With today’s light field sensors, extracting 3D stereo images from light field recordings typically results in a lowered effective image resolution – but that limitation may soon be history: Sony has developed a novel sensor design with overlapping pixels in two layers, that will allow 3D output without the typical decrease in image resolution. In Sony’s recently granted US Patent, Nr. US20140071244, author Isao Hirota introduces a dual level microlens array setup in combination with a sensor that consists of two layers of light sensitive pixel grids – front-facing and back-facing grids that are rotated at, for example, 45 degrees.
The described configuration allows different neighbouring pixels to share the same information from a single microlens while being allocated to either the left or right stereo views, resulting in higher-resolution 3D stereo output from a single-lens, single-sensor device (i.e. a “monocular 3D stereo camera”).
One of the major points of critique about Lytro’s light field camera(s) is that the only way to share your pictures online is to upload them to Lytro‘s servers first.
Now, in an effort to boost adoption of light field photography, Lytro has announced a new open file format for light field pictures, which will be based on the WebGL standard for 3D graphics. It will be released as an open source project on GitHub, together with a matching, open-source WebGL Player, which will allow users to host interactive light field pictures on their own websites and servers.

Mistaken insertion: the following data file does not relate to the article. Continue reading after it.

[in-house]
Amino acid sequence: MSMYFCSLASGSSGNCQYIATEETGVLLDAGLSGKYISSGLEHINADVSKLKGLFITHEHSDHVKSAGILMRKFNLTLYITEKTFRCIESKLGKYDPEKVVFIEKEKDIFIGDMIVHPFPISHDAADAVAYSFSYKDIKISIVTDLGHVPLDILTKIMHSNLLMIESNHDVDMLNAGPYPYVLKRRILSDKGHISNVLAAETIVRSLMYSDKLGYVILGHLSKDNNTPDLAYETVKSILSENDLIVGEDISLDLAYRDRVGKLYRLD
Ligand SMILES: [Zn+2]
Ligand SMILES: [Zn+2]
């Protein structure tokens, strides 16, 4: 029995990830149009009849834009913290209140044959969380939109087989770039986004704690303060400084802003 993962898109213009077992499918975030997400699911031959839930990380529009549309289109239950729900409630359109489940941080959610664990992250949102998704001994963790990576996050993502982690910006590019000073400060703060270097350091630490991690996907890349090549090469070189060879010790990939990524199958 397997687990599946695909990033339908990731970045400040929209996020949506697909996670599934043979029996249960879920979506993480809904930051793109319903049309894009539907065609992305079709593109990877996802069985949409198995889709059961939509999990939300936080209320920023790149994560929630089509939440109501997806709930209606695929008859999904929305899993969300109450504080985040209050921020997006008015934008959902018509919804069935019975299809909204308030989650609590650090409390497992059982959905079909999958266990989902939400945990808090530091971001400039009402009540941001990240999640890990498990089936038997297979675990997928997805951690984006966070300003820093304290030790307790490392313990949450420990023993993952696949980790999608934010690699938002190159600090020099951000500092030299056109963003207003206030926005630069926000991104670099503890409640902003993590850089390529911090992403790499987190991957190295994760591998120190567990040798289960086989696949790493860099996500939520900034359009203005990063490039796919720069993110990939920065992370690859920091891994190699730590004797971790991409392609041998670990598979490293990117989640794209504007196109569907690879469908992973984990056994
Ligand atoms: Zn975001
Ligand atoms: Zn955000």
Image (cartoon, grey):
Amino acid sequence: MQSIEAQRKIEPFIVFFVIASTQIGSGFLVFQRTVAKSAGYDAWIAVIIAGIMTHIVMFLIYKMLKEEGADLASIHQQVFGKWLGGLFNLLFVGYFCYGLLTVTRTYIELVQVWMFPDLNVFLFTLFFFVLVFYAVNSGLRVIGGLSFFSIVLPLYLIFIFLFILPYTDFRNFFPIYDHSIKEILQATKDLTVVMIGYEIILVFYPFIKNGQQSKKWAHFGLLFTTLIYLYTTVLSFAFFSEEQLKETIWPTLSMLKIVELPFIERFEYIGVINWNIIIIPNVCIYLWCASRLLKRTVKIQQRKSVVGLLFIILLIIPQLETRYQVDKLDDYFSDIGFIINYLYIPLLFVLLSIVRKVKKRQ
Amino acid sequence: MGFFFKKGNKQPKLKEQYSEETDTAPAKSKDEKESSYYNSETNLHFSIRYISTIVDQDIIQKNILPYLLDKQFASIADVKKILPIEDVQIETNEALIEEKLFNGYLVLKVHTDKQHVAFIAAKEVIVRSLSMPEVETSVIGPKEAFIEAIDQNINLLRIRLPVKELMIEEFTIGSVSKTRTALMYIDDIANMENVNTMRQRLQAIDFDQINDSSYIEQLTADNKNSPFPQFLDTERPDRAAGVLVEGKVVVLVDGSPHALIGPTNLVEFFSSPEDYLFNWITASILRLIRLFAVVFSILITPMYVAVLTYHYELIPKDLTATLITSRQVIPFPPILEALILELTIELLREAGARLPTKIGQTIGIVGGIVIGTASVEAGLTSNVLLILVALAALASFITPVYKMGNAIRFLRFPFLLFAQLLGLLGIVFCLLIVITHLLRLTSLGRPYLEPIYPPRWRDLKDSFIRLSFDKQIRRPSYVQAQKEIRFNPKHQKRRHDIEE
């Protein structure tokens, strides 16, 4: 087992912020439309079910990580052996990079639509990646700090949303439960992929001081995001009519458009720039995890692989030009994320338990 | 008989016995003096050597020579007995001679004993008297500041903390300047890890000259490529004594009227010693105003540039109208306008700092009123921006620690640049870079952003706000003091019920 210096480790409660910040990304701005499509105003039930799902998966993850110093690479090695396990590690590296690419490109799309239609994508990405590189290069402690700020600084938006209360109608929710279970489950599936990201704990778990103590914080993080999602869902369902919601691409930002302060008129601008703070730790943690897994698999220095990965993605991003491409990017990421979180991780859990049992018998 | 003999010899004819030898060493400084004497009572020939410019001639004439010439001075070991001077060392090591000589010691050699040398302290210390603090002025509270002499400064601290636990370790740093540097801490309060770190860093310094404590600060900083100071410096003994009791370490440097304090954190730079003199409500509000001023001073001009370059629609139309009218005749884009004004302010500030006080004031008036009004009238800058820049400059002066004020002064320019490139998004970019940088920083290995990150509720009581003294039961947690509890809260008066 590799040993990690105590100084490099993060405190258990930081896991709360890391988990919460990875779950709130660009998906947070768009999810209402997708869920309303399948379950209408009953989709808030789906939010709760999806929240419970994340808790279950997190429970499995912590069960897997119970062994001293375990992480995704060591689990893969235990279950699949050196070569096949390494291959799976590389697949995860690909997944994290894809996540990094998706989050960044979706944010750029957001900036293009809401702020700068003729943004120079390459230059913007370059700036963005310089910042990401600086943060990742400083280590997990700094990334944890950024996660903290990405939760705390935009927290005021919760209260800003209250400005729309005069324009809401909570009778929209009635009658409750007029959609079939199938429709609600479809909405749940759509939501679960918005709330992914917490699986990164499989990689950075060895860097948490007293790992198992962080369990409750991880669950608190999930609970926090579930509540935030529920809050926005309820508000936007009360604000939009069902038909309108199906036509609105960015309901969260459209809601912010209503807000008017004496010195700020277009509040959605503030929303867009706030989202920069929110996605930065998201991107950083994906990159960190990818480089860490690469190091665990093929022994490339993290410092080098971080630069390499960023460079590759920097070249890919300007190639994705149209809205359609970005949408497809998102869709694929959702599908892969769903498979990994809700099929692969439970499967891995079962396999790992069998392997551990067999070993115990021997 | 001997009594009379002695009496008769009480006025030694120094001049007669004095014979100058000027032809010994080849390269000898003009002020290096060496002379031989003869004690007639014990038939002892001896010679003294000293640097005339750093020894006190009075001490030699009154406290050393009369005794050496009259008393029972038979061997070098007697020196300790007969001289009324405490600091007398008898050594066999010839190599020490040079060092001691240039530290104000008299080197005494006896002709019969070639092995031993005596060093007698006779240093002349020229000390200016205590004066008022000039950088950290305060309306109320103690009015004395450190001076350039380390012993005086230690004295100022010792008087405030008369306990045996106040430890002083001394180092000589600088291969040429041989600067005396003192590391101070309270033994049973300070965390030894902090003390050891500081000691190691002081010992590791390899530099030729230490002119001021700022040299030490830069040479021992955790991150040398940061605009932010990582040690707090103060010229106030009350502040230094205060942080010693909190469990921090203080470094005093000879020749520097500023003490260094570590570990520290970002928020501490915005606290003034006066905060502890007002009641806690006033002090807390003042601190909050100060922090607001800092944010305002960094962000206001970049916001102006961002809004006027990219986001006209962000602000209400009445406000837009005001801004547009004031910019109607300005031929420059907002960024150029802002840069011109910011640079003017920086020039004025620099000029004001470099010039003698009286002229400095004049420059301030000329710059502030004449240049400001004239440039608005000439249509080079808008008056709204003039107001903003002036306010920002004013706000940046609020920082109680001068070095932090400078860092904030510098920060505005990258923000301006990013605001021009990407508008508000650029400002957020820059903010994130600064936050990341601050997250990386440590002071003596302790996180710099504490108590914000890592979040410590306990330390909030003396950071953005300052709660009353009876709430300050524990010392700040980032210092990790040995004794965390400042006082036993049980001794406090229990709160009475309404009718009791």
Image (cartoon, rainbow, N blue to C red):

“One barrier to [adoption] is we are not as widely deployed and accepted as JPEG,” CEO Jason Rosenthal said in an interview. “We want to start changing that.”
About a year ago, Nvidia presented a novel head-mounted display that is based on light field technology and offers both depth and refocus capability to the human eye. Their so-called Near-Eye Light Field Display was more a proof of concept, but it’s exciting new technology that solves a number of existing problems with stereoscopic virtual reality glasses.
Nvidia researcher Douglas Lanman recently gave a talk at Augmented World Expo (AWE2014), in which he explained the background and evolution of head-mounted displays and the history and design of Nvidia’s near-eye light field display prototypes: Continue reading →
Today’s glasses-free 3D displays ususally consist of dozens of devices, which makes them not only very complex, but also bulky, energy-consuming and costly. At SIGGRAPH 2014 conference, Gordon Wetzstein and Matthew Hirsch from the MIT’s Camera Culture Group presented a new approach to glasses-free 3D that is based on projectors and optical technology found in Keplerian telescopes. Their novel method for “Compressive Light Field Projection” consists of a single device without mechanically moving parts.
Because it’s relatively cheap to build with today’s optics and electronics, the presented prototype could pave the way for cinema-scale glasses-free 3D displays. Continue reading →